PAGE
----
My Body


When did the hatred for my physical self start?

In the shower this morning, a month post-colectomy, I dug deep into the question.  My recovery has been rougher than I “planned” (don’t ever plan a medical recovery because it is a fluid thing). I have lost a lot of weight and don’t recognize myself. I get zaps and twinges of pain, bouts of nausea, headaches… And am trying to be less if an impatient patient. My mind is foggy. My physical body weak. 

Back to the question. When did the hatred for my  physical self start?

Growing up I remember being outside, running, biking, pretending I was a horse from the waist down and its rider from waist up. I never remember hating how my body looked or moved then. It just was. It did what I asked. I do remember wishing I could run faster and not being great at sports in gym class. I was coltish. 
When I moved from the Northeast to Texas?  I was 13. Ah. I was a makeup less, straight-haired tomboy surrounded by Farrah Fawcett wanna-bes. Light blue eyeshadow and feathered hair surrounded me. And these eighth grade girls were beautiful. I was on another planet.  So I cut my hair (which would not feather), and over plucked my brows and coated the lids on my green eyes with baby blue shadow. To. Fit. In.  

And I started reading Tiger Beat, Sassy, and Seventeen magazines and looking at my reflection and knowing I wasn’t one of the beautiful people.  I didn’t understand about airbrushing back then (before Photoshop). I just new that my looks WERE NOT ENOUGH.  They didn’t meet the magazine standard.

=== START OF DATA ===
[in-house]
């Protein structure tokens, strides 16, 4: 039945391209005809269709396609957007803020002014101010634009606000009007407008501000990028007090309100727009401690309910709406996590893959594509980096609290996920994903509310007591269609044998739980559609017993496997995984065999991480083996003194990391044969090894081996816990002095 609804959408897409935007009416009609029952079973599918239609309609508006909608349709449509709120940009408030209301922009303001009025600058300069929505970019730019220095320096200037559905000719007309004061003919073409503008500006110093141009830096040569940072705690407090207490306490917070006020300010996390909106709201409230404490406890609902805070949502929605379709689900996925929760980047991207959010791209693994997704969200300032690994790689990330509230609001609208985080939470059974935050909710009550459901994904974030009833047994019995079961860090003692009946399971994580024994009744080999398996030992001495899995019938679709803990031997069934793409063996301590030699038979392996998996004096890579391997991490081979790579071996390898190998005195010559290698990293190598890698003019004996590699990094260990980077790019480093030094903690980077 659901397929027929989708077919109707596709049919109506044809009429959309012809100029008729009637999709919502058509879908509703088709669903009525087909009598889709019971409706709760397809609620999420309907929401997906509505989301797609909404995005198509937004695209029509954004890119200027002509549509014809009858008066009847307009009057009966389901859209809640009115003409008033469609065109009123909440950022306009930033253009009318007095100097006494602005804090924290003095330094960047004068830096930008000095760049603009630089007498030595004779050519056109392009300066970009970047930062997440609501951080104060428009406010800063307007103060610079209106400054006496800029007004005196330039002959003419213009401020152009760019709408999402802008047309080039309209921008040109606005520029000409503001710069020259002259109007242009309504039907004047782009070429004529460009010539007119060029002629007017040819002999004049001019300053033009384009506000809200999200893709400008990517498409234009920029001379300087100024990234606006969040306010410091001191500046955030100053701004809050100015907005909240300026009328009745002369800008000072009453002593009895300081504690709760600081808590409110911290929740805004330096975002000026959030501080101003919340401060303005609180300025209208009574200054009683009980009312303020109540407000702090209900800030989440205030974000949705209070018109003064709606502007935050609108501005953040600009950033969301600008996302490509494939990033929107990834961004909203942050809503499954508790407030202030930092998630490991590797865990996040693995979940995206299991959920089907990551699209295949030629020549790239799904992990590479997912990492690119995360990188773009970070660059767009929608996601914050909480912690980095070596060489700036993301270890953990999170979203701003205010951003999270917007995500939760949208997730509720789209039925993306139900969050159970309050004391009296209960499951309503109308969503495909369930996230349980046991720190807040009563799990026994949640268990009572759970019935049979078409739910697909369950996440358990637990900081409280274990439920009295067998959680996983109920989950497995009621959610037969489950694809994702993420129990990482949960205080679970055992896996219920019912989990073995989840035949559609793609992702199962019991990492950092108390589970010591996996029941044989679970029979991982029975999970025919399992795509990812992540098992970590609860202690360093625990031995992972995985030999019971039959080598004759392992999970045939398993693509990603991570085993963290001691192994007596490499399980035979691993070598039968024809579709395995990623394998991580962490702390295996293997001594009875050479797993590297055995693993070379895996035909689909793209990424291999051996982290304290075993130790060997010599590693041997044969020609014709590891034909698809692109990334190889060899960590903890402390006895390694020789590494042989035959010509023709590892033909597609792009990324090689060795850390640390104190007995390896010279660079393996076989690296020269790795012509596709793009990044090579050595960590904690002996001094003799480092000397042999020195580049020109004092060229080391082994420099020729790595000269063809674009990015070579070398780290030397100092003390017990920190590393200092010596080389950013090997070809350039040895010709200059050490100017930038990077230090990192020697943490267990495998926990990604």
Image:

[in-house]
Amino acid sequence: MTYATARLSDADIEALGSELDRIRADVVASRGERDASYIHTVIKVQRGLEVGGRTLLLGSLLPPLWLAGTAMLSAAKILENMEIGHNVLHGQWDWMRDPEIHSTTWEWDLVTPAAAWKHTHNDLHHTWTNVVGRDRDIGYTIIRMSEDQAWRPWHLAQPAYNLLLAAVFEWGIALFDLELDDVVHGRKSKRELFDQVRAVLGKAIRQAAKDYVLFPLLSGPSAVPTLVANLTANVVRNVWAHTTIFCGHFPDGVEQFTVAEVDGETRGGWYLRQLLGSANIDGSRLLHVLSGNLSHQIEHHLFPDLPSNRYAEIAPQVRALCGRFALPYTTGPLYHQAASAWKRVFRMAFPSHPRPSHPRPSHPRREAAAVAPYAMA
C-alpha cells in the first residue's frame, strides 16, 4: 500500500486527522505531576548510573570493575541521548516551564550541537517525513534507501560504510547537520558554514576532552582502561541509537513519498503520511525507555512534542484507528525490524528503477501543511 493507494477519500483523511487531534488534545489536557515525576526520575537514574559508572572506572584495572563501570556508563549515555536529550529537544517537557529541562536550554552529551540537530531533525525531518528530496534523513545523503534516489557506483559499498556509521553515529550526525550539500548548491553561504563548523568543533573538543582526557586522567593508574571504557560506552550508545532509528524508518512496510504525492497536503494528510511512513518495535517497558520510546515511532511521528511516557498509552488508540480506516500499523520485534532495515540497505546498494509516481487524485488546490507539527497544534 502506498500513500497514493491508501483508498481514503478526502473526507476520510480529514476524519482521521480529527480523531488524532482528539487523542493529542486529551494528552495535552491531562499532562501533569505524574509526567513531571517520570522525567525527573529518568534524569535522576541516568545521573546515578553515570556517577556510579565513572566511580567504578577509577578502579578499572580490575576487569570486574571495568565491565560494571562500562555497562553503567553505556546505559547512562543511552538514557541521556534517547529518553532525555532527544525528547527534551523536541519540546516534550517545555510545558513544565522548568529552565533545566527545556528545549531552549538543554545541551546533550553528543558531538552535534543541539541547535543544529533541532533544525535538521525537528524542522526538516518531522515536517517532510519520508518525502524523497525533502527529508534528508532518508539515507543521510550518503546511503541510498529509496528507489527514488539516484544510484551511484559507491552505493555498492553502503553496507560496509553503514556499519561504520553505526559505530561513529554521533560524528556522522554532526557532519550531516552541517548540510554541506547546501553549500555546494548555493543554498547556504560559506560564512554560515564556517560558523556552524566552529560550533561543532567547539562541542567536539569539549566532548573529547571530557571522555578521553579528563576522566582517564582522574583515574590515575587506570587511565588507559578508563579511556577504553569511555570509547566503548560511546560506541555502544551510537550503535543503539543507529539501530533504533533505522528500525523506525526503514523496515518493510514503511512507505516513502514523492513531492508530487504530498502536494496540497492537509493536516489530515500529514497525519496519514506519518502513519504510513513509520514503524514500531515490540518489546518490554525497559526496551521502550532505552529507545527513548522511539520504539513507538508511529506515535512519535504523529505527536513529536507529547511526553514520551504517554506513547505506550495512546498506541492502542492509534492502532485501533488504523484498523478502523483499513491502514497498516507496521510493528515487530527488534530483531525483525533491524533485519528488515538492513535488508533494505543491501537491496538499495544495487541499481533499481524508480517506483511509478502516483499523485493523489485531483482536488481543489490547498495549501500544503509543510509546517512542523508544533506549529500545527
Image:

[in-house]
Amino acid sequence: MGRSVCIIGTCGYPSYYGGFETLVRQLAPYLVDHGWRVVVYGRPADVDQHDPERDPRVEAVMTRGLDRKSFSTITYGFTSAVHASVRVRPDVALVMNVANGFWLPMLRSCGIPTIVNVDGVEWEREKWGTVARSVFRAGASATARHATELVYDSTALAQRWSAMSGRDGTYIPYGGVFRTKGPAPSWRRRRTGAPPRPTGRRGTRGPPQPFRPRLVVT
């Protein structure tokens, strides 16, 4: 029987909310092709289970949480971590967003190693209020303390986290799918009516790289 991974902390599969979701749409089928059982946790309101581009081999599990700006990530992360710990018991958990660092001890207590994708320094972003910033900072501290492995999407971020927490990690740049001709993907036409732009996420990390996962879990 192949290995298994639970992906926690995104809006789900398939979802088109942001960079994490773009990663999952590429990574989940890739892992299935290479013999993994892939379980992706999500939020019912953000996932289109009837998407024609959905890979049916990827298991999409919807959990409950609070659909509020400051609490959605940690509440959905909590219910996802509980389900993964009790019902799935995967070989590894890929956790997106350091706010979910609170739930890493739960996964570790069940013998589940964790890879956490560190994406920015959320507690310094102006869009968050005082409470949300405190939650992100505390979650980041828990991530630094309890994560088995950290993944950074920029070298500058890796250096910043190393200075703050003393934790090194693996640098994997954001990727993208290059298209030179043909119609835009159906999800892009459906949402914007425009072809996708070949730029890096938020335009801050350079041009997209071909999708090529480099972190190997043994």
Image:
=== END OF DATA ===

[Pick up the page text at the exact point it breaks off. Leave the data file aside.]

And then the boy I had a crush on found out and went “yuck”.

So I got fat. I turned to food. I wanted nothing to do with any of it so I ate to make it not matter. 

I stayed fat until I was about to start college and my brother’s best friend decided I was cute enough to kiss. 

In my twenties: I followed trends with big hair and diets. I worked out sporadically, but other than riding horses wasn’t a fan of any sport. I didn’t realize the power of my body.    I was five eight and 135 and thought I was still the fat girl.  I read Cosmo and compared myself constantly to women in magazines and my peers.  I was never enough. I dated and got rejected. I dated and rejected. I never dreamed about a wedding as a child. Looking back I see a few bad decisions based on wanting someone else to tell me I. Was. enough. 

And then I did something ridiculous: I married a man with whom I wasn’t ever enough, but I didn’t really see that until we split up 15 years later. 

My body has: survived operations, flu, colds, falls, too much alcohol, carried and gave birth to two huge babies, had pieces of it removed and I’m still here. 

And yet this is still something I struggle with. I see the the inner light in others but not in me.  My self talk is horrible. I must have new mantras. 

At the tender age of 52 I need a crash course. No make up allowed. 


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